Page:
The financial pressures farmers are facing are compounded by the uncertain future of U.S. trade relationships. Changes to the North American Free Trade Agreement (NAFTA) and the tariffs imposed by China have created disruption for a sector of the economy that thrives on advanced planning and predictable markets.

Drought, extreme weather events and rising sea levels, exacerbated by climate change, are transforming the practice and business of agriculture in fundamental ways.

Crop damage from Hurricane Maria in Puerto Rico, 2017. Photo credit: USDA

Farmers need technologies and knowledge that will enable them to maximize the productive potential of their farms, thereby controlling costs and preserving their economic viability. Public investments in agricultural R&D are the foundation for the innovative technologies and practices, but U.S. public-sector investments in agricultural R&D have been stagnant for two decades, slowing the pipeline of new innovations.

The next generation of agricultural technologies, such as gene-editing and precision systems, hold significant promise for helping farmers deal with the economic and environmental uncertainties they are facing. But public acceptance of these technologies is still evolving.  Most consumers are several generations removed from farming and are not familiar with agricultural production methods. Bridging the “trust gap” between consumers and producers will be essential to the productivity and sustainability of American agriculture.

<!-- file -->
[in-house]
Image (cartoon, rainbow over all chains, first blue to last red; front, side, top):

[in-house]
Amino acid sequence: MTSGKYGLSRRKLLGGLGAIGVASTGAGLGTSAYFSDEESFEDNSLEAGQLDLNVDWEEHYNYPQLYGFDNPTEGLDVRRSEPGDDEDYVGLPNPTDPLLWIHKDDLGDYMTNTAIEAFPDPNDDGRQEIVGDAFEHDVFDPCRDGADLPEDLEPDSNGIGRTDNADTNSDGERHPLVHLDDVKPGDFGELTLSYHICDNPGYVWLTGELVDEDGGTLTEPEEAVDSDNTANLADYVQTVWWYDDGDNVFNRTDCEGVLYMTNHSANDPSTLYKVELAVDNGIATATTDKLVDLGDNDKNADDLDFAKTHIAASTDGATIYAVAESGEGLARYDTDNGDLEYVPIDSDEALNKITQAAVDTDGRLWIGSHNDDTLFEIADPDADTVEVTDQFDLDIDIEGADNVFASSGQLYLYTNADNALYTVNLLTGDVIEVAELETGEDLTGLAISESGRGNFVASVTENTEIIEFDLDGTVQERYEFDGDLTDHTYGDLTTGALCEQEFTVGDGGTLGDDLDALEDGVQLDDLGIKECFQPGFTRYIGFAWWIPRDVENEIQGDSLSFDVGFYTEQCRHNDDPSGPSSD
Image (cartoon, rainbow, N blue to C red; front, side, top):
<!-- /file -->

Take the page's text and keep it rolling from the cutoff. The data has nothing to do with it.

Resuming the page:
Faced with these uncertainties, farmers are finding ways to innovate and adapt on their own farms.  Young agri-preneurs, universities and agribusinesses are using all their ingenuity to create and disseminate the innovations that will enable U.S. agriculture to adapt, survive and thrive in the twenty-first century.

America’s Disappearing Farm and Range Land

U.S. agricultural land is some of the most productive and expensive in the world.

More than 31 million acres of U.S. agricultural land have been irrevocably lost to urban expansion since 1982 and an additional 175 acres of farm and ranchland are lost every hour to make way housing and other industries.

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A Policy Path to Greater Productivity

Smart policies and public-sector investments are critical if the U.S. is to regain its momentum toward productivity.  Global Harvest Initiative has identified five policy and investment priorities that can build a stronger future for American agriculture.

USDA Agricultural Research Service Lab Technician Dennis Moss tests soybean seed viability at the National Laboratory for Genetic Resources Preservation in Ft. Collins, Colorado. Photo credit: USDA/Neil Palmer

R&D funding levels authorized in the 2014 Farm Bill account for less than one percent of all farm bill spending.17 These funds support the U.S. Department of Agriculture’s capacity to conduct research and development for sustainable production technologies, the economics of farming and agriculture systems and food safety and quality. They also provide the land-grant colleges and universities with human talent and research and extension support.

R&D investments have a long gestation period and require steady investments to bear fruit in coming decades. Experts say the USDA’s annual research budget should be substantially increased from today’s levels to reinvigorate the productivity growth rates of American agriculture and ensure the future sustainability of the sector.18

Additional funding for animal science research is urgently needed. Outbreaks of livestock diseases such as avian influenza and foot-and-mouth disease could devastate the industry, yet public research funding has been stagnant in real dollars for the past two decades.19 The next Farm Bill provides the opportunity to address the need for increased funding for animal science research and for a vaccine bank for high-consequence animal diseases.